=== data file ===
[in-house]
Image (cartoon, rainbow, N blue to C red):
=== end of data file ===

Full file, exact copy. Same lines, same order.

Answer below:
[in-house]
Image (cartoon, rainbow, N blue to C red):